Friday, November 7, 2008

Herbie Archive, vol. 1

Herbie Archive, vol. 1
by Shane O'Shea and Ogden Whitney
Dark Horse 2008

Garrett Martin: There is a serious dearth of abject ridiculousness in today's comics. Yeah, there's plenty of winking Silver Age homages and (increasingly sterile) blog-friendly shenanigans of the "nazi gorilla zombie" type (or, y'know, comics made specifically for Chris Sims), but little of the genuinely inspired lunacy that litters the medium's past. Herbie Archives Volume 1, the first of three planned hardcovers collecting a particularly surreal midcentury classic, is a perfect example of the spirit that's far too lacking today. Unlike inexplicably weird comics from guys like Fletcher Hanks or Robert Kanigher, where the oddness stems primarily from alcohol (in Hanks' case), a backbreaking schedule (for Kanigher), and a fundamental lack of respect for the intelligence of the audience (um, both of them?), Herbie mostly realizes its own ridiculousness. It's not really a straight-up satire of anything, but in its Mad-style irreverence Herbie does take some clear shots at both comic book conventions (uh, not the hotel ballrooms full of dudes in Beast Master costumes, but, y'know, customs or rules, or whatever) and contemporary society in general. The obvious stabs at humor sometimes fall flat, being too broad or corny, but the storytelling is truly surprising and hallucinatory in a highly satisfying way. In that way it particularly reminded me of Fletcher Hanks, and last year's excellent I Shall Destroy All The Civilized Planets collection, but with far less obvious rage and violence. Did you like this book? Was it too goofy for you?

Hillary Brown: Oh heck no. I don't really know if there is much that's too goofy for me. I'd never heard of Herbie before, and I enjoyed the heck out of it, especially the cameos by famous figures in history and pop culture, which kind of seem to meld, from Fidel Castro to Kennedy (and Jackie), LBJ (and Ladybird), and the Beatles. It's interestingly international in outlook, and the art is pretty great (all colorful and amusing), but mostly it's a wonderful kind of empowerment tale for fat loser kids. I mean, Herbie's dad is really damn mean to him, isn't he? Almost to the point of emotional abuse? And yet, the little fat nothing lets it all bounce off him. Sure, he has magical powers, powers that don't seem to be limited in any way other than through the imagination of the creator, but isn't the real joy of the comic in this hero who's really more of an a-hero than an antihero?

GM: Yeah, Mr. Popnecker is so shockingly, over-the-top mean to Herbie that it just becomes another part of the book's amazing ridiculousness, along with all the historical personages and, um, Frankensteins (yeah, multiple Frankensteins, here, or at least one Frankenstein making many appearances). And that international outlook (U Thant plays a big role in one issue) feels decidedly '60's, reflecting an era when politics and foreign policy were, if not sexy (or endlessly pants-shittingly frightening), then at least more of an active concern for average citizens than we've seen the last decade or so. Maybe now that socioeconomic events have directly impacted Americans' eagerness to buy HD-TVs and $5-a-box breakfast cereals, leading to the results of this historic election, we'll start seeing Evo Morales randomly pop up in Incredible Hercules. But, yes, fraternizing with these celebrities and world leaders is another aspect of Herbie's empowerment, elevating the hopelessly marginal and impressionless to a state of ultimate, if quiet, authority. And that's also, y'know, pretty damn ridiculous.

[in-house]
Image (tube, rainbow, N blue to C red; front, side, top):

This doesn't really feel like a comic for kids, does it? But who else would've read this in 1961? Did typical comics-reading kids know who U Thant was back then?

HB: I doubt it, but it's kind of like the two-or-more-level jokes on The Simpsons, which I know kids watch. Some people just think the bopping with a lollipop is hilarious, and others are all like oh ha ha U Thant. It's also potentially educational that way. I mean, if I didn't get a reference on Gilmore Girls, I'd go look it up. And not that these kids would have had the internet, but it's possible they'd ask their parents who some of these people were. Plus, you know, it's fairly clearly marketed to nerds, who might actually know some of this information. I'm sure you, like me, had your store of political knowledge while yet a young lad. So I guess I'm saying that it doesn't seem all that crazy to me when I think about it in more depth.

Frankenstein having magical powers, though? That's nuts.

GM: True. Even if I didn't understand Mad's political jokes when I was a kid, I certainly acted like I did.

As great as Herbie is, the concept is a bit limited, right? Will you be looking for the next two archives, or has this thoroughly scratched whatever itch might exist?

HB: Well, you're right that there's not a lot of development. I suppose I'd at least thumb through another archive volume or two, but I don't know if I'd go hugely out of my way. On the other hand, I react that way to a lot of stuff that doesn't have a compelling continuous narrative. It's a problem with anything before, like, the 1980s, though, and Herbie is certainly more interesting than most other things I'd let fall by the wayside. Noncommital? Yeah, but that's a step up from negative.

GM: I agree a lack of a serialized narrative generally inhibits my interest in something. Many of the big DC Showcase books are a total slog due to the intense repetition and lack of an overarcing storyline. But, like Metamorpho and Silver Age Superman, Herbie is so brilliantly ridiculous that I can't wait to read more.

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